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3Ds for Dementia


Diet, Depression, Diabetes

How would you cope if your partner or parents developed dementia? It is a worry that many of us must have every now and then.

But work published in yesterday’s British Medical Journal shows there are some sensible steps we can all take to reduce risk.

Karen Ritchie and a team from the French National Institute of Medical Research have published the findings of their seven year study of the cognitive ability of 1,433 pensioners in the Montpellier region.

Their findings highlight the importance of controlling 3 Ds – diet, depression and diabetes – for the prevention of dementia. Doing that, they write, ‘outweighs even the effect of removing the principal known genetic risk factor.’

This is good news for those concerned about dementia in their families and communities and underlines the importance of reading, diet and exercise – not just for the enjoyment of food but also of life itself.

What you can do

If you can do just three things to reduce the risk to yourself and your family, do these:

Take a trip to a good fruit and veg market – preferably a wholesale market. If you are not used to this, it will be a revelation. You will feast your eyes on the most glorious variety and abundance of fresh fruit and veg. The bright colours and sensuous shapes are an entertainment on their own, quite apart from the language and behaviour of the characters who work there! The greengrocers’ saw – that we buy with our eyes – is never so true… Once a serious carnivore, it converted me to eating a diet with less red meat and loads of fresh fruit n veg!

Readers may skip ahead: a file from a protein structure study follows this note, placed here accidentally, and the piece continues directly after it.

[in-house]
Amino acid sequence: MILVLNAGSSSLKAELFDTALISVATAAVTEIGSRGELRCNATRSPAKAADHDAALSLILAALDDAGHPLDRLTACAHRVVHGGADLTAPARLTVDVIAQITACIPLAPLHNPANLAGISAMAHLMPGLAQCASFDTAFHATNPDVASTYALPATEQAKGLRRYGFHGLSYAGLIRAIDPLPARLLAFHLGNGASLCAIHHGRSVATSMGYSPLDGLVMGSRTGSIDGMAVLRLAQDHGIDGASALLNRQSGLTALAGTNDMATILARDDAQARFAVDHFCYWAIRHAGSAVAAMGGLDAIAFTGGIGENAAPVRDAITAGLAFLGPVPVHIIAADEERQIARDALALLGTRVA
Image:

Switch off your TV and join a library. Like your muscles, our free libraries are a fabulous asset and will only survive if we use them. They are not the grim, silent places some of us remember from our childhoods, but full of interesting fiction, non-fiction and even non-book resources, like music and computers. Our brains waste and wane without use, too, so libraries and reading are key to staving off dementia.

Get out of the house, come rain or shine. In middle or older age, physical activity is key. We are not talking about organised sport – you don’t want to be playing fly half for the Barbarians – but regular exercise. Walking regularly – whether to the shops or with a dog- using the stairs and not the lift, working in your garden or playing with grandchildren… These all keep us exercised and active, but they also ward off depression and give us an appetite for healthy food.


From → Health, Practice, Research

  1. Health is a simple [proposition: Moving around a bit, eating fresh and in moderation, connecting with family and friends. And add a daily cold shower!

    Diabetes type II is mostly an absolutely preventable disease.

    Yet it seems so exceedingly hard to focus on these simple steps…

    Alexa Fleckenstein M.D., physician, author.

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  1. 3Ds for Dementia | Γονείς σε Δράση
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